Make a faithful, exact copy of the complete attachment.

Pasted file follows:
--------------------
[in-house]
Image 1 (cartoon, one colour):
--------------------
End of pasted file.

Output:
[in-house]
Image 1 (cartoon, one colour):